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Counties on alert and sky-high infections: Seven things we learned from the latest Nphet briefing

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Tony Holohan, Chief Medical Officer, Department of Health ,pictured this afternoon at the Department of Health at a Covid-19 media briefing..Photo: Gareth Chaney /Collins Photos

Tony Holohan, Chief Medical Officer, Department of Health ,pictured this afternoon at the Department of Health at a Covid-19 media briefing..Photo: Gareth Chaney /Collins Photos

Chief medical officer Dr Tony Holohan. Photo: Gareth Chaney/Collins Photos

Chief medical officer Dr Tony Holohan. Photo: Gareth Chaney/Collins Photos

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Tony Holohan, Chief Medical Officer, Department of Health ,pictured this afternoon at the Department of Health at a Covid-19 media briefing..Photo: Gareth Chaney /Collins Photos

Public health chiefs tonight sounded alarm bells over rising numbers of cases across most age groups.

Meanwhile chief medical officer Dr Tony Holohan said he would support the wider use of Covid passes and we finally got clarity on antigen testing in schools.

Here are some of the main points from tonight’s briefing from the National Public Health Emergency Team (Nphet):

Stark figures

Some of the main Covid figures from tonight’s briefing are stark:

-the seven day average of cases has doubled in the past fortnight and is three times higher than the peak in October 2020.

-a total of 25,000 cases have been recorded over the past week - the third highest weekly count during the pandemic so far.

-a further 74 deaths were reported over the past week.

Halve your social contacts

Public health chiefs advised to cut out social contacts in half in the coming weeks.

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Dr Holohan said there is a lot of socialising across the population and this is not reducing as it should be.

He said socialisation is at an unsustainable level and public health measures like mask wearing and social distancing are not being adhered to as strictly as they should be.

“If you’re planning to go out two nights in the week, maybe just go out once. If you’re planning to have 10 people in the house for a particular event, maybe just have five,” he said.

Covid passes for gyms and hairdressers

Dr Holohan said he would “of course” be in favour of Covid passes for entry to gyms and hairdressers when asked by Independent.ie.

“Of course we would be in favour, the more we can see assurance of measures in place in different settings, the better,” he said.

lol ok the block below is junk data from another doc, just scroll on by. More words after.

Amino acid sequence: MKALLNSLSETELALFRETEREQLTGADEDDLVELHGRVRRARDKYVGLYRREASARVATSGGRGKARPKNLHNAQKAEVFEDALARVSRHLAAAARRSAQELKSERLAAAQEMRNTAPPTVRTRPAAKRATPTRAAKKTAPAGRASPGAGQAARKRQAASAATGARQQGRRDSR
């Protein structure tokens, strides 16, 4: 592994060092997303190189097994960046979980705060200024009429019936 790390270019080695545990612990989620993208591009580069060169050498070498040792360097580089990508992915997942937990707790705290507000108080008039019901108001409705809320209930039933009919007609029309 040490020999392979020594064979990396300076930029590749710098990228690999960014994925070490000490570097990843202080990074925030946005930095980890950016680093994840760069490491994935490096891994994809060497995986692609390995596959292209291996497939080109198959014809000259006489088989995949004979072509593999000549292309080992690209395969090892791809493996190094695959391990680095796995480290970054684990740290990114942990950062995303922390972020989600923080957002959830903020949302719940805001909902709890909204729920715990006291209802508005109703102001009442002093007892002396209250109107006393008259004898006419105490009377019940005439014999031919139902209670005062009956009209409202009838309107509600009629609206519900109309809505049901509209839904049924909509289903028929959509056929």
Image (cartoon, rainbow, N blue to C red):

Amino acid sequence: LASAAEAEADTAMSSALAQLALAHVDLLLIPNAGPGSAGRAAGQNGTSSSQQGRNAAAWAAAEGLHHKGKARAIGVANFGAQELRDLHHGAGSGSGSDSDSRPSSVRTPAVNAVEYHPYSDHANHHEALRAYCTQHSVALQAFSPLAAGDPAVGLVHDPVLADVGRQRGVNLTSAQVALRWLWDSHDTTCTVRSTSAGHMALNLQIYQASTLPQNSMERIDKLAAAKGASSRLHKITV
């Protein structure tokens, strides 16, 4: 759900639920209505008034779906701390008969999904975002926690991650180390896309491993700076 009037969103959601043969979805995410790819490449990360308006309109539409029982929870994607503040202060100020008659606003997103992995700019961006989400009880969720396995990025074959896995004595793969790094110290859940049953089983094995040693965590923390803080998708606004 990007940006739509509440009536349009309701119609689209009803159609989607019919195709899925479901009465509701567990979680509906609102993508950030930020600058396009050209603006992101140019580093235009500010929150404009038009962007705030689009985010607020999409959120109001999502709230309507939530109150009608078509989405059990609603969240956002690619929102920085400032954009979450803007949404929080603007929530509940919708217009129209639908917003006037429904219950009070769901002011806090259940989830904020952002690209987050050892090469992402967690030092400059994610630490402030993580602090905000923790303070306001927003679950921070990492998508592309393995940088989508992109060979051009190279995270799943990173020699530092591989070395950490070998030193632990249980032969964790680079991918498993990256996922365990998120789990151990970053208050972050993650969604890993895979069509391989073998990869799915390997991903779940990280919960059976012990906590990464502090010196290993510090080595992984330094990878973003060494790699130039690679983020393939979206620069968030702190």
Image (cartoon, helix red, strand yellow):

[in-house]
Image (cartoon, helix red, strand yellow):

“We would have no reason to have any concern about that and there is nothing to stop people in those sectors saying, that’s an additional security and safety measure that I can put in place to protect my staff, to protect my customers, that would be a good thing.”

He said compliance has “slipped” when it comes to enforcing Covid passes across hospitality and nightlife and that this is of “concern”.

Antigen tests in schools

There has finally been some clarity on how antigen testing will work in schools.

Dr Holohan said there won’t be a “widespread” use of antigen testing, for example testing all children twice a week, as has been done in some countries.

Instead antigen tests may be sent to children who are close contacts of confirmed cases.

Deputy chief medical officer, Dr Ronan Glynn, also warned parents against using antigen tests for children with symptoms, as they may get a false negative and then send their child into school.

11 counties on Covid alert

Dr Glynn said that Leitrim, Waterford, Carlow, Louth, Laois, Longford, Meath, Westmeath, Donegal, Cork and Kerry currently have a 14-day incidence of over 1,000 per 100,000 cases.

Dr Glynn said that there is a “deterioration” of incidence across all counties.

Where are the cases coming from?

This was the question posed to Dr Glynn by Independent.ie.

He said that due to high levels of incidence, the HSE does not have the capacity to contact trace such high levels of cases and are currently focusing on outbreaks in nursing homes, hospital settings and among vulnerable groups.

He used the example of Leitrim and said that from speaking to public health doctors on the ground there, they said cases are coming from workplaces, social gatherings, weddings, socialising and from outbreaks among vulnerable groups.

“You’re probably at higher risk today in any given situation of being in the company of an infectious person than at any point in the pandemic to date,” he said.

Not vaccinated? Stay away from the Aviva tomorrow

With Ireland set to take on Portugal at the Aviva Stadium in Dublin tomorrow, Dr Holohan said fans who are not vaccinated should “stay away” as they are high-risk.

He said sporting organisations will put in place all the necessary measures to keep spectators safe.

This article was updated on November 10, 2021


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